A steady increase in the number of farms and a shrinking of wood and waste may be assumed. Enclosure of Great Fields (on both sides of Stratford Road over Sparkhill) took place early; holdings were exchanged to permit grouping of closes near the bounding farmhouses, vacant strips were taken up be neighbours, and the whole expanse was hedged and ditched. But total enclosure came late to the rest of Swanshurst Quarter and was not complete until the 1840's.
 
Squatters continued to establish themselves on the common edges, eking out a living by labouring or nail-making; no early hovels survive, but their brick replacements remained on Brook and Wheelers Lanes until recently, and a cottage row still stands beside the last remnant of Showell Green, but recently obliterated by the new dwellings of Fernside Gardens.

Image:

The first bridge over the Cole hereabout was at Greet Mill, recorded in 1620. It was for foot travellers only. Horsemen and waggoners continued to use the ford - and some of them paid the penalty for trying to cross through the sudden floods to which the river has always been prone. Timber footbridges at the other four fords of the Quarter were washed away on occasion; brick replacements were not provided until the early C 15th.